Carbon, for what it’s worth

Joe Terrett   

Sustainability Government Manufacturing cap-and-trade carbon carbon pricing carbon tax climate environment government greenhouse gases manufacturing

We’ll pay a high price for government efforts to do a poor job of reducing emissions.

Carbon pricing is a mystery to many climate change believers.
Photo: Thinkstock

Many Canadians believe climate change is real, that we’re causing it and our governments should do something about it. Point taken. So far several federal regimes and their provincial counterparts have done a lot that hasn’t amounted to much, and the current guardians of the climate are doing much of the same.

Many manufacturers contending with all kinds of government-induced costs to their businesses probably haven’t paid too much attention to the federal Liberal government’s scheme to put a price on carbon, starting next January. That’s $20 per tonne of emissions, which will escalate to $50 in 2022. The provinces can come up with their own, equivalent plans, either by adopting a carbon tax or implementing a cap-and-trade regime.

Will this send us well on the way to achieving our international commitment of a 30% reduction in emissions from 2005 levels by 2030, and will it help to hold global warming at an increase of 2 degrees C? Don’t bank on it.

First of all, Canada’s contribution to the world’s greenhouse gas emissions is about 1.6% so anything we do – for the most part – is symbolic. Moreover, we already have a lot of catching up to do. As of 2015, Canada was behind its target by 200 million tonnes.


Combined, China and the US account for about 41% of the world’s total emissions. Both are heavily reliant on coal power. And our good neighbour to the south is busy dismantling its climate regulations. Since most of our trade (80%) is with the US, putting a price on carbon is to our competitive disadvantage. Pricing levers add cost to doing business, but they’re also jumbled up in politics and regulation, all of which serves to repel foreign and domestic investment.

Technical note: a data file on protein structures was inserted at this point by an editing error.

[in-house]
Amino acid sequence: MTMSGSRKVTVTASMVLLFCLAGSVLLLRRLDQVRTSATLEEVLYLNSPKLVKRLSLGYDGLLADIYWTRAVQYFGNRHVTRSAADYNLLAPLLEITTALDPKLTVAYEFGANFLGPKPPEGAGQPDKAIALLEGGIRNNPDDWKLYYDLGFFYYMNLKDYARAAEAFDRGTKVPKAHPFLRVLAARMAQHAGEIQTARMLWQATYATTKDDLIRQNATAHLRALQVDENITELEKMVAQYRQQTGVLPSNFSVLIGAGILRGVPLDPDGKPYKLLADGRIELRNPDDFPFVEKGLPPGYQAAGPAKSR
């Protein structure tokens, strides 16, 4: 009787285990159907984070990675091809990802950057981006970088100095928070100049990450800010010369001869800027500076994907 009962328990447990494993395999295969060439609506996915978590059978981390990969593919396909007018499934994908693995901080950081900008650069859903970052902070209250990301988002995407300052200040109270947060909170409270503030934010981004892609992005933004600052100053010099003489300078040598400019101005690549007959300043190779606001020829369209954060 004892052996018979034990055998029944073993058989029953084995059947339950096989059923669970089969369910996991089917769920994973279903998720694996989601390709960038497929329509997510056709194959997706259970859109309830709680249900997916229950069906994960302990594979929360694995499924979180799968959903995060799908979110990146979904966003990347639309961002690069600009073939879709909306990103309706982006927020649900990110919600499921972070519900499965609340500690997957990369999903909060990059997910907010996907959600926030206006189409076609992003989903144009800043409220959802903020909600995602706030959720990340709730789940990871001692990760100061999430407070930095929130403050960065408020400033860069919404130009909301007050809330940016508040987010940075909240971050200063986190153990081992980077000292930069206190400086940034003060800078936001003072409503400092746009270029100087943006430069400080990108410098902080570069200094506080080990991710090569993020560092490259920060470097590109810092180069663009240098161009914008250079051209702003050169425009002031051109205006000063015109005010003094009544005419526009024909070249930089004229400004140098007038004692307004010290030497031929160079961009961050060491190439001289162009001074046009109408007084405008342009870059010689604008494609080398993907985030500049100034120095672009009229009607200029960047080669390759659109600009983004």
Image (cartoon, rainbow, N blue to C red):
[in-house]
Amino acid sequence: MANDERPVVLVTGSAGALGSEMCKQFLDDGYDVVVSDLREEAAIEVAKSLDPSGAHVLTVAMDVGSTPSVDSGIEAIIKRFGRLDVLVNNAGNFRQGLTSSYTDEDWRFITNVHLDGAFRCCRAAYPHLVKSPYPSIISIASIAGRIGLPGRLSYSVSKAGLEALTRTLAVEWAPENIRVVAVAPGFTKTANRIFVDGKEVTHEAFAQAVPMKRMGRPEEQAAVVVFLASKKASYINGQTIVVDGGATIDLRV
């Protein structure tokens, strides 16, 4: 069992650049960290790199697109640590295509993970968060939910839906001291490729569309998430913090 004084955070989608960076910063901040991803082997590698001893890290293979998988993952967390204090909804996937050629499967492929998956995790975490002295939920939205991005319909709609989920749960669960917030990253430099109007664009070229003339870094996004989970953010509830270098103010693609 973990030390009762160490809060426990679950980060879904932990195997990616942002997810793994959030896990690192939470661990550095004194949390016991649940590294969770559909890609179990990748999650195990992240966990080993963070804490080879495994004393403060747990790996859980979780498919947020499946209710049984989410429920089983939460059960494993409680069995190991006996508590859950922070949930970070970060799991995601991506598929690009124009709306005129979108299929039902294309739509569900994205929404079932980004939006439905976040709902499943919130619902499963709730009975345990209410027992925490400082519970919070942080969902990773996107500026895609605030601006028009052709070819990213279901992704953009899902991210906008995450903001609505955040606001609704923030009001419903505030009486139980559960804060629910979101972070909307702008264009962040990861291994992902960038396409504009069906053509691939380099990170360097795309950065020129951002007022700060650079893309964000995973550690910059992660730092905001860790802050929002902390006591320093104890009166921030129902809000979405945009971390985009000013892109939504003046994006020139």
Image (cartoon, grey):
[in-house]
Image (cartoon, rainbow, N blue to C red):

How is carbon pricing supposed to work? It’s based on the premise that if you have to pay for it, you’ll use less of it. Economists love the pricing model because of its theoretical simplicity, and they’ll trot out various examples where it’s successful – such as BC – where good citizens have obligingly reduced their use of fossil fuels.

That’s very laudable and green of them. But Canadians and businesses do enjoy heat in the winter; power to illuminate, run plants, processes and households; and the ability to get around town. These consumption factors offer limited potential for conservation.

Meanwhile, taxes and cap-and-trade both leave a gaping hole for companies that don’t mind spending the money to continue discharging their carbon with abandon.

Not that it matters. Both levels of government are doing a poor job of executing a climate strategy, according to auditor generals across the country.

They did a joint audit that concludes: few governments have detailed plans to reach their targets; their assessments to adapt to risks posed by climate change have been haphazard, inconsistent and lacking in detail; and they lack timelines and plans for funding. Only Ottawa and two provinces have emissions targets but they’re not on track to meet them.

For those keeping score, the auditors note Canada has set four emissions targets, and had eight plans to meet them, but have not done so, even once.

Looking ahead, Prime Minister Justin Trudeau can expect more pushback on carbon pricing from Saskatchewan; Ontario if Tory Doug Ford wins the upcoming election; and Alberta if rebranded conservative Jason Kenny wins the election next year in Alberta.

And as Canada’s contorted efforts to chip away at the 1.6% play themselves out, it will be China, the US and to a lesser extent Europe that will ultimately determine how high the global thermostat will go.


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